Language Pages Provide Church Materials in More Than 100 Languages


For members around the world who don’t speak one of the 10 prevalent languages—Chinese, English, French, German, Italian, Japanese, Korean, Portuguese, Russian, and Spanish—finding Church materials in their native tongue may be a challenge. But for those who are aware of LDS.org’s language pages, accessing core Church materials is only a few clicks away.

At the top right or bottom left of the LDS.org homepage, click on the picture of the world to find links to all the available language pages on LDS.org. By the end of 2012, the LDS.org team hopes to have 108 language pages, including Hrvatski (Croatian), Malagasy (spoken in Madagascar), and Twi (spoken in Ghana).

This year the language pages were updated with some new items, including PDFs of the Liahona local pages in more than 40 languages and a simple text PDF of the April 2012 general conference in more than 90 languages. The PDFs of the Book of Mormon in 99 languages added 24 more language pages to those already available on LDS.org.

Translated items appear according to the Church’s worldwide plan for introducing Church materials in specific languages.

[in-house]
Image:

In this phased plan, core items—sacrament prayers, the Articles of Faith, the Gospel Fundamentals manual, select general conference talks, and the Testimony of the Prophet Joseph Smith pamphlet, for example—have precedence in being translated.

Additional translated materials such as the scriptures, music, “The Family: A Proclamation to the World,” and the First Presidency and Visiting Teaching Messages are introduced as the number of Church members who speak a language increases.

Materials are translated and made available following approval from the First Presidency and the Quorum of the Twelve Apostles. Area Presidencies can also request that certain materials be made available in a particular language if they notice a need.

“These pages are available to all members for personal as well as Sunday use,” said digital channels senior product manager Matt Robinson. “Local leaders may use this resource for their personal study as well as point members to it for use in callings and families.”

Sargis Ayvazyan, second counselor in the Yerevan Armenia District presidency, reports that Armenian members enjoy using the Armenian language page to print materials that help them fulfill their callings. They also use it to receive and read information about the Church and to find general conference materials in their native tongue.